Kristin A. Bedford (marketing manager, computer network company; fashion designer)
Income $50,000 (expected for 2000)
Health Insurance covered by employer
Rent $792/mo. Utilities included in rent
Phone $45/mo. Food $400/mo.
“I was living in this Mafia-run apartment in Little Italy, and one night this lackey came to my door saying my landlord wanted more money. I didn’t have a lease. I figured they would have just kept doing it. So I moved out that night,” says Kristin Bedford, 28, who at the time was making only about $25,000 a year and going to FIT.
“I didn’t know where to go, but a friend heard about this women’s residence in Gramercy Park. I moved there temporarily over a year ago, but I ended up liking it and staying.” The Parkside Evangeline Residence is run by the Salvation Army, the Christian charitable organization founded in 1878.
Now Bedford, who just got a $50,000-a-year job writing press releases for a computer network firm, lives in a 150-square-foot room with her pink quilt and gunmetal satin evening gown. Her $792 monthly rent includes free breakfasts and dinners—”chicken Florentine, beef Florentine, always Jell-O”—in a dining room with 1970s brown chairs and rose pink tablecloths.
If she can ever find an affordable apartment she will move, she says. But she loves the community. “It’s really mixed. Nobody has money. Some have education. Some are on unemployment, disability. Some are students, so their parents are paying. Some are retired. One of my best friends here is a recovering alcoholic, recov-ering drug addict grandmother. My other best friend is a lesbian surfer who wants to become a nun. It’s not a uniform group. I took some of them to see the movie Girl, Interrupted. I said, It’s us!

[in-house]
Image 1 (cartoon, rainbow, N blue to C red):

“I think my upbringing definitely enables me to live here. I was raised to see people for what they do in the world instead of through the artifices of class, money. That enables me to be good buddies with all sorts of people.”
Bedford, who went to private schools in Washington, D.C., “but not old-school at all,” describes her upbringing as “middle-class, very politically conscious” and “not into spending.” Yet there was a lifestyle split within the family. Her parents divorced when she was three. When she stayed with her mother—”if you can imagine a civil libertarian June Cleaver”—and her stepfather, who heads a center that creates legislation on electronic privacy, she slept in a “Civil War-era home” with “rocking chairs on the porch and thousands of books everywhere. My mother raised me in the high church Episcopalian tradition. It’s about openness to questioning. It’s all smells and bells—incense and organ playing and beautiful architecture and windows done by Tiffany. This isn’t a suffering bunch.”
When she stayed with her father, “a political filmmaker, labor organizer, really radical,” for whom “material things were really uncool,” they lived collectively. “That was really fun. Once I was really into painting Easter eggs and I woke up to find my eggs were gone. Everybody had done acid the night before and had the munchies and ate them all.”
Bedford, who studied religion at George Washington University and has walked across Spain on a pilgrimage, says, “I think about that whole Native American thing about treading lightly on the earth. With every step I take, there’s the sense that I’m declaiming who I am. It’s not an easy path.”
Recently, she says she spent months agonizing over whether to buy “the only watch I wanted, ever. It was Baume & Mercier and it was so expensive I can’t even tell you how much it cost me. I looked at every other watch in the city. I decided I wouldn’t have a watch unless I had this one. It was aesthetically perfect. I wanted a watch that would last forever.”